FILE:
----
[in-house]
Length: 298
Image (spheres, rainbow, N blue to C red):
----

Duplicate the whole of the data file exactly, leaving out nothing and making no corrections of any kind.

[in-house]
Length: 298
Image (spheres, rainbow, N blue to C red):